Many executives are unsure of how and when to liquidate their stock compensation. Unfortunately, without a plan, many executives find themselves highly concentrated in company stock that can result in higher than average risk, and higher potential tax liability.
Through strategic stock compensation planning, we work with you to review the specific terms of your equity compensation and determine the optimal timing for selling stock compensation to reduce overall risk and tax liability.
Our stock compensation financial planners will:
- Evaluate each type of your stock compensation both individually as well as collectively
- Discuss your long and short-term goals to set up the most strategic financial plan
- Help you understand your risks
- Consider how your stock options will apply to your retirement planning
- Determine how your stock compensation will affect your taxes
- Help you understand how your stock options would be affected if you leave the company or retire.
For many executives, stock compensation is a large part of their overall compensation. But stock compensation can be complicated because it comes in various forms, including:
- Restricted Stock Units (RSUs) – A Restricted Stock Unit (RSU) is a compensation issued by an employer to an employee in the form of company stock. Restricted stock units are issued to an employee through a vesting plan and distribution schedule after achieving required performance milestones or upon remaining with their employer for a particular length of time. RSUs give an employee interest in company stock but have no tangible value until vesting is complete. The restricted stock units are assigned a fair market value when they vest. Upon vesting, they are considered income, and a portion of the shares is withheld to pay income taxes. The employee receives the remaining shares and can sell them at his or her discretion.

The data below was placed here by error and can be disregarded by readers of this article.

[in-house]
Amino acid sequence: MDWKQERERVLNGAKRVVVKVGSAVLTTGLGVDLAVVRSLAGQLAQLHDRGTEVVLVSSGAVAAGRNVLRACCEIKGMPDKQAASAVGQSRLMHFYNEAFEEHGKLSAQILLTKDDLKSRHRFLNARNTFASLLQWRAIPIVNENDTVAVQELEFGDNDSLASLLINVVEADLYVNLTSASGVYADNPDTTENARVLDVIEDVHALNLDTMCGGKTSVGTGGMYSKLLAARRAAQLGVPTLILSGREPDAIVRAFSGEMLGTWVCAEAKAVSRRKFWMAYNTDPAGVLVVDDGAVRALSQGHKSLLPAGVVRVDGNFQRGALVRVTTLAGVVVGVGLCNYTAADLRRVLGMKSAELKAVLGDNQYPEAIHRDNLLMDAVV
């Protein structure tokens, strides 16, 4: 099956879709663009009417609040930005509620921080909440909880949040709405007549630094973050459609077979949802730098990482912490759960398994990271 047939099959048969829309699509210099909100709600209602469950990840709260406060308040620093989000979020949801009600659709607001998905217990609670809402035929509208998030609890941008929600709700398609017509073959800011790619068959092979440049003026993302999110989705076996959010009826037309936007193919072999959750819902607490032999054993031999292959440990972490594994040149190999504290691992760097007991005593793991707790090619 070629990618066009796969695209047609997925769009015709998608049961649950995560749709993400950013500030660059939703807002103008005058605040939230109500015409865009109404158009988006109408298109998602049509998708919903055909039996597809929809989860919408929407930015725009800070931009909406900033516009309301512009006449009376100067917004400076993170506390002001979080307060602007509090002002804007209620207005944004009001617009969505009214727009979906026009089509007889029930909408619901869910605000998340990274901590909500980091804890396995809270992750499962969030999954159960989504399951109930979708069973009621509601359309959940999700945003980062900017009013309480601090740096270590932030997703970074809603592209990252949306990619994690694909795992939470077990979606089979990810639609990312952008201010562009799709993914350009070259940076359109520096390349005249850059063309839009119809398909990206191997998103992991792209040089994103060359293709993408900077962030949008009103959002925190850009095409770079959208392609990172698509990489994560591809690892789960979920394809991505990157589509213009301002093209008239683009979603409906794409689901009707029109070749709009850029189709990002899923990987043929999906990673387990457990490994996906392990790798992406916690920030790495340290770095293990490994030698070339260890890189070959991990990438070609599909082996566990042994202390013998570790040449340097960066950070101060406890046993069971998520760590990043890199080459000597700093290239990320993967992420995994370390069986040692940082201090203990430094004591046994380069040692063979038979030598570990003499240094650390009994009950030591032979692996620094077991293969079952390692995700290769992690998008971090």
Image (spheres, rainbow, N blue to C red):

- Incentive Stock Options (ISO) – An Incentive Stock Option (ISO) is a type of employee stock option with a tax benefit that, when exercised, it isn't necessary to pay ordinary income tax. Instead, the options are taxed at a capital gains rate.
- Employee Stock Options (ESO) – An Employee Stock Option grants specified employees of a company the right to buy a certain amount of company shares at a predetermined price for a specific period. Employees typically must wait for a specified vesting period to pass before they can exercise the option and buy the company stock because the idea behind stock options is to align incentives between the employees and shareholders of a company.
- Employee Stock Purchase Plans (ESPP) – An plan (ESPP) is a company-run program in which participating employees can purchase company shares at a discounted price. Employees contribute to the plan through payroll deductions, which build up between the offering date and the purchase date. At the purchase date, the company uses the accumulated funds to purchase shares in the company on behalf of the participating employees.
- Performance Shares – Performance Shares are shares of company stock given to managers and executives only if certain company-wide performance criteria are met, such as earnings per share targets.
- Stock Appreciation Rights (SAR) – A Stock Appreciation Right (SAR) is a bonus given to employees that is equal to the appreciation of company stock over an established time period. Similar to employee stock options (ESO), SARs are beneficial to the employee when company stock prices rise; the difference with SARs is that employees do not have to pay the exercise price, but receive the sum of the increase in stock or cash. The primary benefit that comes with SARs is the fact that the employee can receive proceeds from stock price increases without being required to buy anything.